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I'm preparing a chemistry show where I end the show with yellow powder bang.

The powder is a mixture of:

$$\ce{K2CO3 + KNO3 + S} $$ My question is, what's the reaction between these chemicals?

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    $\begingroup$ Not sure about this, but the nitrate might oxidise the sulphur to sulphur dioxide or trioxide. $\endgroup$ Commented Mar 18, 2015 at 13:28
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    $\begingroup$ It seems that nobody really knows about the role of the carbonate, but there's a nice video in the Free Range Chemistry series of the RSC. $\endgroup$ Commented Mar 18, 2015 at 16:09
  • $\begingroup$ It looks like a variation on a gunpowder mixture which is usually sulfur, KNO3 and charcoal $\endgroup$
    – bon
    Commented Mar 18, 2015 at 18:34
  • $\begingroup$ Yellow powder is said to be unpredictable, so it is probably better to use a different bang. $\endgroup$
    – permeakra
    Commented Mar 19, 2015 at 12:19

2 Answers 2

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Here's just a guess, but I do have some confidence that I'm right:
$\ce{KNO3 + S -> K2SO4 + K2SO3 + K2S + K2O + SO2 + N2}$

$\ce{K2CO3 ->[\Delta] K2O + CO2}$
The first, unbalanced equation is the reaction between potassium nitrate and sulfur, producing quite some gas as product, and a variety of potassium compounds left behind, with the composition depending on your formulation of the powder. Of course there might be some sulfur trioxide produced, but the major oxide of sulfur should be the dioxide. In the second equation is the thermal decomposition of potassium carbonate releasing carbon dioxide. This is the part that I'm not very sure of, but it may be to release more gas to give your reaction more puff. However, IIRC the decomposition requires a very high temperature. In contrast, bicarbonate has a much lower decomposition temperature and also release more gas(carbon dioxide and water), but the products would likely be absorbed by potassium oxide to form hydroxide and carbonate, so bicarbonate might not help much.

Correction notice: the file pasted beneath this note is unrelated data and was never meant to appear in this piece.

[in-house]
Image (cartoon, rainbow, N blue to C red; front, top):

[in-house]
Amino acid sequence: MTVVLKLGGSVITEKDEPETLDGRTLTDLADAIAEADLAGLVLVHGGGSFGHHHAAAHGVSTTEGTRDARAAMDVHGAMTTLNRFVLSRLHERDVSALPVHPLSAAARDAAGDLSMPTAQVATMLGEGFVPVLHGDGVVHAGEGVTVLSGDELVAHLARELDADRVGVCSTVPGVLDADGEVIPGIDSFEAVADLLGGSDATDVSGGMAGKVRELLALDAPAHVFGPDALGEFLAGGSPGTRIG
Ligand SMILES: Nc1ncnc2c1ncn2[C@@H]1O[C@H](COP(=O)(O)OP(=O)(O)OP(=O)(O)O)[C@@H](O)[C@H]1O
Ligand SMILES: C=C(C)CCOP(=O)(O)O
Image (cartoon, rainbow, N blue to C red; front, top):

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Most likely, a mixture of potassium polysulfides is formed first. Possibly, a further more complex reaction takes place between the nitrate ion, carbonate ion and sulfide that forms small amounts of tetrasulfur tetranitride, disulfur dinitride and sulfites, evolving nitrogen and sulfur dioxide. The remaining solids are clearly (just look at their possible structure) more reactive than simple polysulfides and ought to be responsible for the final high speed decomposition of the mixture. On a side note, the less costly way to determine if sulfur nitrides are actually present would be to pass the sample under a Raman spectrometer.

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